It is estimated that by the end of 2020, there will be more than 50,000,000,000 (yes, billion) connected devices that are part of the Internet of Things (IoT). This is a five million percent increase in IoT devices over the last 20 years. Most of these devices are designed and manufactured for use in homes and vehicles or are wearable devices. These devices include everything from home security cameras to baby monitors, thermostats, car ignition starters, smart watches and even medical devices, such as pacemakers. There are literally thousands of different types of IoT devices that integrate into almost every aspect of your home and work life.
On October 28, 2020, the Department of Homeland Security’s Cybersecurity and Infrastructure Security Agency (CISA), the Federal Bureau of Investigation (FBI) and the Department of Health and Human Services (HHS) issued a Joint Cybersecurity Advisory warning of “an increased and imminent cybercrime threat to U.S. hospitals and healthcare providers.” The agencies collectively warned that “malicious cyber actors are targeting the Healthcare and Public Health (HPH) Sector with Trickbot malware, often leading to ransomware attacks, data theft, and the disruption of healthcare services.”
Ransomware attacks are on the rise in the wake of COVID-19, but attack victims — and third parties who assist them — could unknowingly be in violation of federal law. A new advisory from the U.S. Department of the Treasury warns that ransom payments to sanctioned individuals or entities may result in significant criminal or civil liability. Companies should closely review the details of this advisory to minimize the risk of violating the U.S. sanctions laws if they are victimized by a ransomware attack.
For the full alert, visit the Faegre Drinker website.
Over the past few months, I have written about the threat first identified by the Institute for Critical Infrastructure Technology (ICIT) called disruptionware. We have previously described what disruptionware is, how it works, and outlined some of the defenses that can be used to defend against a multitude of disruptionware attacks. Many may have thought the immediate notifications of the threat posed by this new concept of disruptionware had been adequately made public and sufficiently identified. Unfortunately, disruptionware continues to impact new sectors.
According to ICIT, disruptionware is an evolving category of malware designed to “suspend operations within the victim organization through the compromise of the availability, integrity and confidentiality of the data, systems, and networks belonging to the target.” Recently, ICIT identified a new threat from disruptionware that will likely have a seriously adverse effect on the American energy sector. ICIT goes so far as to refer to disruptionware in the context of an attack on the U.S. energy grid as a “weapon of mass destruction.”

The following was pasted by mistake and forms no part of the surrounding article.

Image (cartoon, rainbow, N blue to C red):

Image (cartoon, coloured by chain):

On September 1, 2020, Department of Defense (DoD) contractors will be required to comply with the recently released Cybersecurity Maturity Model Certification (CMMC) requirements. The CMMC requirements are designed to ensure that suppliers, contractors and subcontractors working with the DoD’s Office of Acquisition and Sustainment have cybersecurity frameworks in place “to assess and enhance the cybersecurity posture of the Defense Industrial Base (DIB).” Through the creation of the CMMC, DoD appears to be enhancing the requirements of NIST 800-171, ISO 27001 and other cybersecurity-related frameworks.
The CMMC model delineates five “maturity” levels, with level 1 being the least secure and level 5 being the most secure. Once the CMMC takes effect, DoD will assign all solicitations an appropriate maturity level that bidders must be able to meet if they wish to bid on the solicitation.
On April 13, 2020, the New York Department of Financial Services (NYDFS) issued new guidance to all New York State Regulated Entities to highlight “a significant increase in cybercrime” related to the COVID-19 epidemic. NYDFS’s guidance identified “several areas of heightened cybersecurity risk as a result of the crisis.” These risks include:
- Remote Working – The mass shift to remote working forced by COVID-19 has created new security threats which are being exploited by hackers. Regulated entities should take proactive steps to address these new security threats. Among other things, regulated entities should take steps to make their remote access as secure as possible by using multi-factor authentication and VPNs. Companies also should ensure that devices used to access networks are properly secured and/or controlled. Regulated entities also must take steps to ensure the security of remote working communications, like video conferencing applications. Finally, companies should ensure that employees are not accessing or sending sensitive or non-public information through personal email accounts or devices.